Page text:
Of course, the “Spin-o-rama of Houghton” might not be something they’d want to bring up. (Oh, wait, curler Jeff Stoughton already has the trademark on the “Stoughty Spin-o-rama, doesn’t he?)
Down 1-0 to Japan in the first half of the semifinal, England’s Steph Houghton spun a full revolu-tion before throwing herself to the ground. It was the kind of dive that should be forever remem-bered in soccer blooper reels and worst-of lists. But Houghton was able to sell the pratfall to the only person that mattered, that being New Zealand referee Keighley, who determined that a foul had been committed by Ogimi on the play. In this case, “foul” would be “standing the closest to player who sold the call.”
Fara Williams stepped to the penalty spot and levelled the score, 1-1.
Of course, there will be those who will howl about the first-half penalty kick off the boot of Aya Miyama that allowed Japan to take the lead. There was no doubt if a foul was committed or not. Japanese fullback Saori Ariyoshi got up the field and got behind English defender Claire Raffer-ty. Rafferty clearly pushed Ariyoshi in the back. In real time, in press row, it looked a clear-cut penalty — and Keighley pointed to the spot. On the replay, it looked as if the initial contact may have occurred a few centimetres outside the box, and that Ariyoshi had fallen into the penalty area.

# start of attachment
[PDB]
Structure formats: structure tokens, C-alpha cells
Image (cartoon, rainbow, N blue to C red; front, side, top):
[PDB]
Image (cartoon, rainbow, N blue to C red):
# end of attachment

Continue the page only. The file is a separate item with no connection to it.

But, really, that is a matter of the width of a fingernail. And faulting the ref gets us into the dan-ger zone where we become so nitpicky about the game that soccer stops being a living, breath-ing entity that thrills us, infuriates us and gives us something to talk about at the bar. In the end, it’s a question about if instant replay should be used in FIFA, not if Keighley should humanly be able to pick out a couple of centimetres worth of real estate.
The game began with England leaving Jodie Taylor as the lone striker, and basically reverting into an old-school 5-4-1. Williams, the holding midfielder, was so far back in the formation that she basically turned a back line of four into a back line of five. Japan struggled early in the match to break it down, as the English crowded the midfield, and would only go forward in num-bers if they had set-piece chances.